Another day, another object that shoots rainbows. The things that's beaming a rainbow out into darkness is a Rochon prism. Unlike a regular prism, which just splits light into rainbows, a Rochon prism can actually separate out beams of light.

A Rochon prism is two hunks of clear stuff fastened together. In this case the clear stuff is calcite or quartz, they're fastened together on a diagonal. The calcite is made up of a crystal structure with a certain axis of symmetry — essentially, you could fold the crystal along this axis and the structure of the crystals on either side of the fold matches up. The first hunk of quartz has its axis of symmetry arranged one way. The second one has its axis flipped.


Light moves through the crystal without a problem, but it moves through a little differently depending on whether it's polarized parallel to, or perpendicular to, the axis of symmetry. The light goes through the first side of the calcite crystal, but when it hits the split in the middle and moves into the new crystal, the light that's polarized one way continues straight, while the light that's polarized the other way splits off. This split-off ray is called the "extraordinary ray," and it shoots out from the crystal at an angle. The extraordinary ray is the rainbow we see in the picture above.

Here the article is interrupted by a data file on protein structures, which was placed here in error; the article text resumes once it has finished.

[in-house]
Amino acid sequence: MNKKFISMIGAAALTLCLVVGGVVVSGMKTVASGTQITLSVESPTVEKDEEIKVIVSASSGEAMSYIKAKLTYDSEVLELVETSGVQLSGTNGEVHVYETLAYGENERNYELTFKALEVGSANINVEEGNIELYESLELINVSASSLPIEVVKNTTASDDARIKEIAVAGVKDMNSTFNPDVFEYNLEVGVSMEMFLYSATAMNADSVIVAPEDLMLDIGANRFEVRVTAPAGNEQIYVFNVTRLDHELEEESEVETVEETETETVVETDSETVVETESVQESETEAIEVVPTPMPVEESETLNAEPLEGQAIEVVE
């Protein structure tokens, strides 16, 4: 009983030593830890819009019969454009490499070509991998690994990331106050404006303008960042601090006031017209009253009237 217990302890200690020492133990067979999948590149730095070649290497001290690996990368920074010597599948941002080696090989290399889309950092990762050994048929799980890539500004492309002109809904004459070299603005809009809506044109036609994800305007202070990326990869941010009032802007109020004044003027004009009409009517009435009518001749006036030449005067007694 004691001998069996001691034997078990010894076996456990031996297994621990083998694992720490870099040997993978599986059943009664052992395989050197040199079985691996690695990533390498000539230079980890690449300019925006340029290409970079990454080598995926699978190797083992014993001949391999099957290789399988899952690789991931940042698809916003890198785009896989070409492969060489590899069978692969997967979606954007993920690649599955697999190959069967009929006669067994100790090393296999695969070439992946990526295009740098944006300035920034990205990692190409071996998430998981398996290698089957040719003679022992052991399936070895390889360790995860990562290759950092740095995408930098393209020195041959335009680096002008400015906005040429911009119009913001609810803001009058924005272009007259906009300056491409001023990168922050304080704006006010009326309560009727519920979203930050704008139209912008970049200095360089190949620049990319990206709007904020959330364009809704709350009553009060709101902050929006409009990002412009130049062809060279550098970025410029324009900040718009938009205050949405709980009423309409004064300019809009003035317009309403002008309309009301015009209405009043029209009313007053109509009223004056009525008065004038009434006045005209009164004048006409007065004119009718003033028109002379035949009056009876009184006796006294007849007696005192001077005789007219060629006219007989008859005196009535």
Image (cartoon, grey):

Image: Peeter Piksarv


Via The Encyclopedia of Science.